The scientific evidence for the mental health benefits of meditation continues to pile up. Studies show that meditation helps improve many different types of conditions, including depression, anxiety, chronic pain, diabetes, and high blood pressure. Meditation also can improve focus, concentration, creativity, memory, and learning and reasoning skills.
Meditation works its “magic” by changing the actual brain. Brain images show that regular meditators have more activity in the left prefrontal cortex, an area of the brain associated with feelings of joy and equanimity. Meditation also increases the thickness of the cerebral cortex and encourages more connections between brain cells—all of which increases mental sharpness and memory ability.
You’ve heard that laughter is the best medicine, and that is true for the brain and the memory, as well as the body. Unlike emotional responses, which are limited to specific areas of the brain, laughter engages multiple regions across the whole brain. Furthermore, listening to jokes and working out punch lines activates areas of the brain vital to learning and creativity.
Just as the body needs fuel, so does the brain. You probably already know that a diet based on fruits, vegetables, whole grains, “healthy” fats (such as olive oil, nuts, fish) and lean protein will provide lots of health benefits and can also improve memory. For brain health, though, it’s not just what you eat—it’s also what you don‘t eat.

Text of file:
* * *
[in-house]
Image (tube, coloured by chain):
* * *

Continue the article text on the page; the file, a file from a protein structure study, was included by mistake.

It’s not just dementia or Alzheimer’s disease that causes memory loss. There are many diseases, mental health disorders, and medications that can interfere with memory.
Emotional difficulties can take just as heavy a toll on the brain as physical problems. Mental sluggishness, difficulty concentrating, and forgetfulness are common symptoms of depression. The memory issues can be particularly bad in older people who are depressed-so much so that it is sometimes mistaken for dementia. The good news is that when the depression is treated, memory should return to normal.
You can’t remember something if you never learned it, and you can’t learn something—that is, encode it into your brain—if you don’t pay enough attention to it. It takes about eight seconds of intense focus to process a piece of information into your memory. If you’re easily distracted, pick a quiet place where you won’t be interrupted.
Try to relate information to colors, textures, smells, and tastes. The physical act of rewriting information can help imprint it onto your brain. Even if you’re a visual learner, read out loud what you want to remember. If you can recite it rhythmically, even better.
Connect new data to information you already remember, whether it’s a new material that builds on previous knowledge, or something as simple as an address of someone who lives on a street where you already know someone.
For more complex material, focus on understanding basic ideas rather than memorizing isolated details. Practice explaining the ideas to someone else in your own words.